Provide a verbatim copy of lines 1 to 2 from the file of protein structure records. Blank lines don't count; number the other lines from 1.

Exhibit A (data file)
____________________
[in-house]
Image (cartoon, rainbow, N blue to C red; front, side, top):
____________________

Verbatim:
[in-house]
Image (cartoon, rainbow, N blue to C red; front, side, top):